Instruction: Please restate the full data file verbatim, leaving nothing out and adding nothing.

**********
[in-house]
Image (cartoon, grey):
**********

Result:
[in-house]
Image (cartoon, grey):